Four energetic limericks – PhyLiWritTi 04 to 07
I’ve been behind on posting these, but here’s four on the theme of energy to bring me up to date.
04 – Conservation of energy
Here’s a fact that may make you annoyed,
But the truth of it’s hard to avoid.
All around we can see,
We can move energy,
But it just can’t be made or destroyed.
A relatively simple restatement of the Principle of Conservation of Energy
05 –Kinetic Energy
It is time for me to wax poetic,
About energy that is kinetic.
If an object does slow,
It’ll have less you know,
Yet more if it gets more frenetic.
Kinetic Energy is probably the easiest to describe – it’s associated with movement. An object with higher mass or speed will have a higher kinetic energy – in classical mechanics it is given by , but like most things gets more complicated as the speed increases to an appreciable fraction of the speed of light.
06 – Gravitational Potential
When climbing a hill you just might,
Be gaining a bit more than height.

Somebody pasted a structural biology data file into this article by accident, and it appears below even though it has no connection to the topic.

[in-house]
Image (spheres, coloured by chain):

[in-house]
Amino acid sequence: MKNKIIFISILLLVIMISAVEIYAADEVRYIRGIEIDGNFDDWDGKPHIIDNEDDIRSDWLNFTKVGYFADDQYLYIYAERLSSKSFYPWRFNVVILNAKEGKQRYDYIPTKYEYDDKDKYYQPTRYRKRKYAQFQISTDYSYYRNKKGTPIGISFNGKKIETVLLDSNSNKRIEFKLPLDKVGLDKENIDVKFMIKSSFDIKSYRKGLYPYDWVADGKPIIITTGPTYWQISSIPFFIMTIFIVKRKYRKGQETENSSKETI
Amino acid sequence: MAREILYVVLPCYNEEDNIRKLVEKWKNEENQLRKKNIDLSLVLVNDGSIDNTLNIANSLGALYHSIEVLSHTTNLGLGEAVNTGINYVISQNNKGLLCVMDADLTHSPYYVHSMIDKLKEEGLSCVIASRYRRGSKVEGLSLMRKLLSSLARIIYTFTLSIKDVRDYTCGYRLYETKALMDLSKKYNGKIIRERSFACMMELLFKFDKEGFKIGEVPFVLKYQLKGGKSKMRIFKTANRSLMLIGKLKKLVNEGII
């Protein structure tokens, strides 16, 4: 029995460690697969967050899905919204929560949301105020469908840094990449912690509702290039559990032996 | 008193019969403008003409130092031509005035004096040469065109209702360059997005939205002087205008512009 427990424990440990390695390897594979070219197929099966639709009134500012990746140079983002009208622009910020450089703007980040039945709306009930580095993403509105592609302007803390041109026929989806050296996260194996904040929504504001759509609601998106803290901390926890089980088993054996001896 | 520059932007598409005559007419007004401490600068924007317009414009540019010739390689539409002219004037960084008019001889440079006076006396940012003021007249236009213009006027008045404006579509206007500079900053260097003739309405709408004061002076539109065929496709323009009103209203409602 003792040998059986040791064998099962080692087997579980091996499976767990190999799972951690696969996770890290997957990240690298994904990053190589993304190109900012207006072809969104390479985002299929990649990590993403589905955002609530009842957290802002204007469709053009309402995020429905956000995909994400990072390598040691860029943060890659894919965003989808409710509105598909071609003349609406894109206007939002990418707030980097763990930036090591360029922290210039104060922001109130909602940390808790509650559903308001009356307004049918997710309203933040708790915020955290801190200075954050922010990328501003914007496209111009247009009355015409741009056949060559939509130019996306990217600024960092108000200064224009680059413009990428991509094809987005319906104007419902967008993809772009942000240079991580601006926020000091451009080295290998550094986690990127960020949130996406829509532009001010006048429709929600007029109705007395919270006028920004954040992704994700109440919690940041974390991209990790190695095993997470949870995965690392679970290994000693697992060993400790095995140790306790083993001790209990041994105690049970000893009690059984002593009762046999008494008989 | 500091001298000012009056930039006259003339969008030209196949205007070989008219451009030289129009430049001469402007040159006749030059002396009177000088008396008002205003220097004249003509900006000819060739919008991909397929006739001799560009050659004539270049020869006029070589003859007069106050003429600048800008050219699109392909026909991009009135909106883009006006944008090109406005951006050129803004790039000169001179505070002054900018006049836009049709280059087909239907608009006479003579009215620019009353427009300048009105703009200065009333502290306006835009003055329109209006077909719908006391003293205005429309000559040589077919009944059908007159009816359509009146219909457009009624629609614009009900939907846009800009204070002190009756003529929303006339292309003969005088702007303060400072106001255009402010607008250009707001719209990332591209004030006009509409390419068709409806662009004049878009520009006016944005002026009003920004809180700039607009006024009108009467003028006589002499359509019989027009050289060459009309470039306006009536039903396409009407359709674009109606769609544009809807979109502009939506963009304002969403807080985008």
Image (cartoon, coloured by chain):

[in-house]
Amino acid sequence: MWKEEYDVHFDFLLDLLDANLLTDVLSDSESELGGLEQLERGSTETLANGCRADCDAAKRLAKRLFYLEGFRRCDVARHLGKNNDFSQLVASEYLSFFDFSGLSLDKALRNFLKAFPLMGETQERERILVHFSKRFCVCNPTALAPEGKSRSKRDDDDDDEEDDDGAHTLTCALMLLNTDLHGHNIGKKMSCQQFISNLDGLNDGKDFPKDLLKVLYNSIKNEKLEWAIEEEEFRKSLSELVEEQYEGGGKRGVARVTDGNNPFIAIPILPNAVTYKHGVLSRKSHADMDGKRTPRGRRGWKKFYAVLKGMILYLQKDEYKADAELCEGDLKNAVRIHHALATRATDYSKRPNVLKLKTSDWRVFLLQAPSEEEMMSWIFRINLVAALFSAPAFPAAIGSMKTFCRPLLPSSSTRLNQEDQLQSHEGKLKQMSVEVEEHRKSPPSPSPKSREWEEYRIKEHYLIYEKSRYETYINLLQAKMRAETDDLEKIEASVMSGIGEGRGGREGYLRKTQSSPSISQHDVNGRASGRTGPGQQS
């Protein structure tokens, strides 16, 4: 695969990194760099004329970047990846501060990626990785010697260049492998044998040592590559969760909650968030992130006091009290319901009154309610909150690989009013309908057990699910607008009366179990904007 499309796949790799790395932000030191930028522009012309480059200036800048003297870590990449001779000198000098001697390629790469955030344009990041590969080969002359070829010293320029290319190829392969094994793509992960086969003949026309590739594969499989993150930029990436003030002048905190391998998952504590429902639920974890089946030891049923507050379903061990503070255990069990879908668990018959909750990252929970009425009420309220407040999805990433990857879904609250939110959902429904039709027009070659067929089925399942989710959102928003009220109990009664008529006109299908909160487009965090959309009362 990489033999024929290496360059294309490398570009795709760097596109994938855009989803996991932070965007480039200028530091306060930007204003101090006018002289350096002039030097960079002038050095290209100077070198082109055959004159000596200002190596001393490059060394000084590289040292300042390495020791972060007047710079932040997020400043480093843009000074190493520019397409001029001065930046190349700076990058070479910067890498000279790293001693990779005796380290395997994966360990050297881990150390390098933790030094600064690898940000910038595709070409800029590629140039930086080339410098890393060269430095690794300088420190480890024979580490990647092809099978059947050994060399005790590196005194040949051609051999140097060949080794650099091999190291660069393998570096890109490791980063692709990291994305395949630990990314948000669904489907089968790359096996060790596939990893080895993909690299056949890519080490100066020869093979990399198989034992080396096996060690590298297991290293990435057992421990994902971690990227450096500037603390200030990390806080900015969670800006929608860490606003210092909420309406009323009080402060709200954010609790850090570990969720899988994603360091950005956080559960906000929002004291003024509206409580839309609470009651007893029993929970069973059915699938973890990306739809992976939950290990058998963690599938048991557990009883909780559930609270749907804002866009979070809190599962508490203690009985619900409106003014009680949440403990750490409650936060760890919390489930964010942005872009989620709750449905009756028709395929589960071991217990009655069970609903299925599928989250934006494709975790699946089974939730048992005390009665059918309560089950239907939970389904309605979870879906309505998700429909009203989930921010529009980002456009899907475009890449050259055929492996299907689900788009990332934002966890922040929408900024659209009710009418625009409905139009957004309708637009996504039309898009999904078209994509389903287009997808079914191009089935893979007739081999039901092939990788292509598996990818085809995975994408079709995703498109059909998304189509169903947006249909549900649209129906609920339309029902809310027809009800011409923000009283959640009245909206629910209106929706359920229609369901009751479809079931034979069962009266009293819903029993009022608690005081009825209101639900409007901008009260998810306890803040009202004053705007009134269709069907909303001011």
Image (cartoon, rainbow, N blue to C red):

At the peak it is found,
That compared to the ground,
Your potential is higher – that’s right!
This is a simplification given it doesn’t take into account the mass of the mountain etc, but generally speaking by moving two masses further away from each other you’ll increase the gravitational potential energy of the system made up of those two masses.
07 –Electrical Potential Energy (EPE)
For EPE there is an art,
Taking opposite charges to start.
EPE will depend,
On their start and their end.
It increases as they move apart.
And an analogous limerick for the energy associated with electric rather than gravitational fields – electric potential energy. Again I’ve gone for a simple situation, ignoring the possibility of a collection of more than two charges, and what happens when you have similar charges (both positive or both negative), rather than the one positive and one negative I’ve talked about here. What do you expect in such a limited number of syllables?
Thanks to Jens Reineking for suggesting the topic of energy via Twitter. Got something related to physics you’d like me to explain through the medium of limericks? Let me know in the comments!